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This question already has an answer here:

I recently came across this theorem for the first time. As I understand it, what she showed was that conservation 'laws' are often simply an artifact of symmetry or invariance.

For example, the source I read said that conservation of momentum flows naturally if all the physics gives the same answer at all places - e.g., Newton's laws are the same here as they are there. It also said that conservation of energy derives from the laws of physics being invariant over time.

I sort of see the math in the proof, but don't quite get the intuition. Can anyone provide a brief explanation?

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marked as duplicate by Qmechanic classical-mechanics Jul 25 '18 at 3:49

This question has been asked before and already has an answer. If those answers do not fully address your question, please ask a new question.

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    $\begingroup$ Possible duplicate of Can Noether's theorem be understood intuitively? $\endgroup$ – David Hammen Jul 24 '18 at 23:18
  • $\begingroup$ Just followed the link, and saw Lubos Motl's note at the end of his answer: "If your intuition doesn't find the comments intuitive enough, maybe you should train your intuition because your current intuition apparently misses the most important properties of time, space, angles, energy, momentum, and angular momentum. ;-)" LOL! $\endgroup$ – wcc Jul 24 '18 at 23:38
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    $\begingroup$ @IamAStudent Despite Lubos' unsympathetic phrasing there is a significant degree of truth in that. Some ideas are not obvious or intuitive unless you have internalized a significant body of theory. Nature does not care one way or the other if we are comfortable with the way things work and does not guarantee that things will agree with "common sense". $\endgroup$ – dmckee Jul 24 '18 at 23:52
  • $\begingroup$ Oddly I did not find the link above when I first searched, but it is the answer and the question I asked is, indeed, a duplicate. $\endgroup$ – eSurfsnake Jul 25 '18 at 18:52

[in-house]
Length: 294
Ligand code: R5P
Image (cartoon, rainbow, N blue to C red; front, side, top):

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The essence of Noether's Theorem(s) is that if your system (with well defined generalized coordinates and energy) has a continuous symmetry then you are guaranteed to have a corresponding conserved quantity. By "continuous symmetry" I vaguely mean a real-valued, differentiable, linear transformation between the generalized coordinates.

Some examples:

  1. the energy functional of the system is conserved when time translation symmetry is respected.

  2. the linear momentum of the system is conserved when spatial translation symmetry is respected.

  3. the angular momentum of the system is conserved when angular translation symmetry is respected.

By "is respected" I mean that the dynamics of the system are unaffected by the respective transformation.

Edit: I did not understand the questioner was asking for intuition behind the $\bf{proof}$ of Noether's theorem. Of course, this depends on how the theorem is formally stated and on how one goes about proving that statement (there are numerous ways). But a simple proof is provided here beginning at the bottom of page 1. The intuition for this proof is similar to what is stated above: begin with the general statement of variation, $\delta L = 0$, and find a symmetry/transformation that depends on some parameter. Now apply the transformation to your variation of $L$, and try to $\it{find}$ a conserved quantity. The more abstract the proof becomes, the more abstract intuition is required, which I can provide a more detailed statement/proof of the theorem if the questioner desires.

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    $\begingroup$ This does not seem in any way to address the question, which asks for the intuition behind the proof. $\endgroup$ – WillO Jul 24 '18 at 22:48
  • $\begingroup$ @WillO Thank you, I was not sure if the questioner wanted intuition behind the principle or intuition behind the proof, but I edited my answer. $\endgroup$ – N. Steinle Jul 25 '18 at 5:11
  • $\begingroup$ Thanks for not taking (or at least not expressing) offense. It did (and still does) seem to me that it was clear what the OP was asking for, but I understand that a reasonable person might have read this differently. $\endgroup$ – WillO Jul 25 '18 at 6:13

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